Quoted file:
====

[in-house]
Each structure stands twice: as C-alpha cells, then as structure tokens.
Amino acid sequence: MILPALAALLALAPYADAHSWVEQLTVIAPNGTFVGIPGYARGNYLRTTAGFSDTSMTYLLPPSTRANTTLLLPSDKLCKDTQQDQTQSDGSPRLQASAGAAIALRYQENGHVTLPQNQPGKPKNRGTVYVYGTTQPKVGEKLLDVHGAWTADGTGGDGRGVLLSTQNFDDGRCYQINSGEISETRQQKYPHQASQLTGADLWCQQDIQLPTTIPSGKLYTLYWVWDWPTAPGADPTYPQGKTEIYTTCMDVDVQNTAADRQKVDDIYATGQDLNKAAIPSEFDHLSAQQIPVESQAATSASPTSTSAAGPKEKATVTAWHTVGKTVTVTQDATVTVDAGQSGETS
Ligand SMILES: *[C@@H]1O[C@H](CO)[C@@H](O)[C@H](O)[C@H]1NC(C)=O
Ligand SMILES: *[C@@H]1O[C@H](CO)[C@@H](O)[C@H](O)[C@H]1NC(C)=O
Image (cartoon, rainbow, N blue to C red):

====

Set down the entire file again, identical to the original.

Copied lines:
[in-house]
Each structure stands twice: as C-alpha cells, then as structure tokens.
Amino acid sequence: MILPALAALLALAPYADAHSWVEQLTVIAPNGTFVGIPGYARGNYLRTTAGFSDTSMTYLLPPSTRANTTLLLPSDKLCKDTQQDQTQSDGSPRLQASAGAAIALRYQENGHVTLPQNQPGKPKNRGTVYVYGTTQPKVGEKLLDVHGAWTADGTGGDGRGVLLSTQNFDDGRCYQINSGEISETRQQKYPHQASQLTGADLWCQQDIQLPTTIPSGKLYTLYWVWDWPTAPGADPTYPQGKTEIYTTCMDVDVQNTAADRQKVDDIYATGQDLNKAAIPSEFDHLSAQQIPVESQAATSASPTSTSAAGPKEKATVTAWHTVGKTVTVTQDATVTVDAGQSGETS
Ligand SMILES: *[C@@H]1O[C@H](CO)[C@@H](O)[C@H](O)[C@H]1NC(C)=O
Ligand SMILES: *[C@@H]1O[C@H](CO)[C@@H](O)[C@H](O)[C@H]1NC(C)=O
Image (cartoon, rainbow, N blue to C red):